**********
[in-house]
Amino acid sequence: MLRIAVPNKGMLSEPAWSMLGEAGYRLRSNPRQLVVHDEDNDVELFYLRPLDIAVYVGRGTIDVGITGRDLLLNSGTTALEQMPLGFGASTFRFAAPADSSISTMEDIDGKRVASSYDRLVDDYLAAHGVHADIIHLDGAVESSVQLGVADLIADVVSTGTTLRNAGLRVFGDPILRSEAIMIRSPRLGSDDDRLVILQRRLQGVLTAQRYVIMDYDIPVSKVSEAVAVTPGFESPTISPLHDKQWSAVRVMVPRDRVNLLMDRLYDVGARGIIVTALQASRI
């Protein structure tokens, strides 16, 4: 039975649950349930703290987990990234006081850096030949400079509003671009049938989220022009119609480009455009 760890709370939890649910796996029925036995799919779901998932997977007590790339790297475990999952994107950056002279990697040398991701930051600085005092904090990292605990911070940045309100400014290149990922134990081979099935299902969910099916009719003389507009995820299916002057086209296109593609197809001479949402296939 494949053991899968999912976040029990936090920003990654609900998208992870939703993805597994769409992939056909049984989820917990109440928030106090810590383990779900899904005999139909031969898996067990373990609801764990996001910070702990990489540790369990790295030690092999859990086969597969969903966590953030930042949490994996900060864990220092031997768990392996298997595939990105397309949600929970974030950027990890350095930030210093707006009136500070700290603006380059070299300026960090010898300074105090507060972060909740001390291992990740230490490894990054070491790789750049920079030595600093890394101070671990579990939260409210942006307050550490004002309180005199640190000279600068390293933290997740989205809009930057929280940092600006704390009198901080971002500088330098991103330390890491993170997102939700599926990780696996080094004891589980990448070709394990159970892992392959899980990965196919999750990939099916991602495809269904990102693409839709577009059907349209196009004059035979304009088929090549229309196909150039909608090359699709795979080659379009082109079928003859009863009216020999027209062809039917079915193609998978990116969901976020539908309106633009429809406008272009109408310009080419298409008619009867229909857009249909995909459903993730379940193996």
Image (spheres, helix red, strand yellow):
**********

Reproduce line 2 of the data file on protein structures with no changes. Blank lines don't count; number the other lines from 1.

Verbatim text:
Amino acid sequence: MLRIAVPNKGMLSEPAWSMLGEAGYRLRSNPRQLVVHDEDNDVELFYLRPLDIAVYVGRGTIDVGITGRDLLLNSGTTALEQMPLGFGASTFRFAAPADSSISTMEDIDGKRVASSYDRLVDDYLAAHGVHADIIHLDGAVESSVQLGVADLIADVVSTGTTLRNAGLRVFGDPILRSEAIMIRSPRLGSDDDRLVILQRRLQGVLTAQRYVIMDYDIPVSKVSEAVAVTPGFESPTISPLHDKQWSAVRVMVPRDRVNLLMDRLYDVGARGIIVTALQASRI